#MeToo: Silenced Victims Found Voice

Many women and men were sexually harassed. But they kept quiet. Actually, perhaps almost every woman has faced harassment, abuse, or even mere catcalling, at least once in her life. Agree? Without warning, though, the #MeToo wave has become a powerful voice of the victims. It proves that a movement towards truth and justice can start through a mere # on social media.

The explosion began from weeks ago. Actress Alyssa Milano finally came forward and spoke about the Hollywood producer, Harvey Weinstein’s behaviour. She in fact began a campaign on Twitter:

Since which, about 68,000 people have replied to Milano’s tweet. The #MeToo hashtag occurred millions of times around the world. Many even came up with hashtags in their preferred languages, such as #YoTambien for Spanish speakers. It was astonishing that approximately 4.7 million people participated in the #MeToo movement within twenty-four hours.

In Malaysia, the hashtag #MeToo remained in the top ten Twitter trends for several days in October. Here, according to 2015 statistics, a rape happened every thirty-five minutes. Some faced sexual assault when they were little, but they had to keep on living, or surviving; and to not incriminate the perpetrators.

Most of the women and men could never really speak about it because of their fear; because of their status in their family and society. They had to stay silent, and hoped that things could someday go back to normal. In fact, many rapists were someone these victims had already known.

Worldwide, with the hashtag, many posted on Facebook, Twitter, and Instagram. These mass platforms allowed victims to disclose some ugly and unfortunate situations, and to stress that they’ve also faced harassment and abuse.

Some posts were quite horrifying to read, nevertheless. It surely made a lot of us wonder whether it really did happen. These posts made it clear that women were told to keep their mouths tightly shut, simply because they might have become ‘impure’ or ‘imbecile’.

Yet, one way or another, this hashtag empowered the victims. Through this movement, users of the hashtag had been sharing the message to others, that they’re not alone in this situation. It’s a collective stance against sexual harassment, which shows that we ultimately should never feel ashamed or threatened to speak out loud against toxic culture and systems.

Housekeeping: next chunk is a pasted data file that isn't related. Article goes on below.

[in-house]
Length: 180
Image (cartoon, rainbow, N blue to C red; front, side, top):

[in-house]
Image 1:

#MeToo among Western Celebrities

In 1997, black activist Tarana Burke actually started this #MeToo campaign, ages before the dominance of social media. She tried to unite all the survivors who faced harassment, but it didn’t go viral because she “had not received support over the years from prominent white feminists.” However, she mentioned that she was overwhelmed that her hashtag finally stands up to the bullies.

Brazilian feminist and journalist Caroline Criado-Perez pressed on. “I don’t think we [should] underestimate how much of an impact is being made by the way in which women can just speak out about their experiences, because we’re just not represented in the news media and films and literature,” said Caroline. “Until the internet came along, we just weren’t having these conversations about what it’s like to be a woman, what it’s like to walk down the street and be harassed and cat-called. We didn’t know about the idea of everyday sexism.”

Monica Lewinsky, however, became the reason behind a lot of raised eyebrows, by a tweet marking herself as a victim of sexual assault. Many know about the famous scandal on Bill Clinton. In fact, there was a number of sexual assault cases against Bill Clinton. Although he allegedly had a contentious affair with Monica, her recent tweet would say otherwise. Monica never came forward before, but she finally expressed herself over social media, after so many years. Thanks to the #MeToo power.

Quite a number of celebrities, male or female, followed on with the social media outcry, such as Ashley Judd, Gwyneth Paltrow, Björk, Rose McGowan, and Lysette Anthony. Athletes, such as McKayla Maroney, also joined the movement.

From all these posts and tweets, we can see that the Western entertainment industry – a site of transnational money, influence, fame, power, and pride – alone concealed a lot of harrowing stories.

 

Social Media and Activism

As the Internet provides a better equipment for people to share and investigate social issues, social media have made it possible for people to gather a strong front against abuse, harassment, and bully. Today, we own a powerful technology. We must use it wisely. Anyone all over the world should no longer keep quiet about any injustice against him or her. Some way or another, we should pass on the news to empower ourselves and others.

#MeToo became a symbol of collective resistance to misdemeanour. It gave women and men all around the world a rallying cry to demonstrate the magnitude of these problems.

The hashtag indeed doesn’t completely or instantly solve the problem of sexual assault in Malaysia and worldwide. But the world can be a better place, if there’s one less sexual perpetrator, or if one less human makes derogatory sex remarks and says it’s only a ‘joke’. By speaking up and out, we’re collectively changing the wheel of this vicious cycle, which previously pressured the victims into collective silence.

 

Written by Mirza Rayana Sanzana

Featured image from legalwatercoolerblog.com

Views expressed in this article are those of the author and do not necessarily reflect the positions of IGNITE. 

"All animals are equal, but some animals are more equal than others." (George Orwell, in Animal Farm, 1945)

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